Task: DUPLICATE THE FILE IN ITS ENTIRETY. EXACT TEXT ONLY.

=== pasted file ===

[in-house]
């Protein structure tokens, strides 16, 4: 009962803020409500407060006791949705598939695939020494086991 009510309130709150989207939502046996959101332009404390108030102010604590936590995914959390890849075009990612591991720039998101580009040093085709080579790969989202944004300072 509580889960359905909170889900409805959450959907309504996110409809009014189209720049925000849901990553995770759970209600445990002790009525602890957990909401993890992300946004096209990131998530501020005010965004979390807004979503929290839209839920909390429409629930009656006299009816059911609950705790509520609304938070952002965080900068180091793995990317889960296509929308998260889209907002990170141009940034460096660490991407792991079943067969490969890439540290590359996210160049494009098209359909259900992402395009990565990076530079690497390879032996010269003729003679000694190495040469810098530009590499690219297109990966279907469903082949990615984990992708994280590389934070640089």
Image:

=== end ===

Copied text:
[in-house]
């Protein structure tokens, strides 16, 4: 009962803020409500407060006791949705598939695939020494086991 009510309130709150989207939502046996959101332009404390108030102010604590936590995914959390890849075009990612591991720039998101580009040093085709080579790969989202944004300072 509580889960359905909170889900409805959450959907309504996110409809009014189209720049925000849901990553995770759970209600445990002790009525602890957990909401993890992300946004096209990131998530501020005010965004979390807004979503929290839209839920909390429409629930009656006299009816059911609950705790509520609304938070952002965080900068180091793995990317889960296509929308998260889209907002990170141009940034460096660490991407792991079943067969490969890439540290590359996210160049494009098209359909259900992402395009990565990076530079690497390879032996010269003729003679000694190495040469810098530009590499690219297109990966279907469903082949990615984990992708994280590389934070640089």
Image: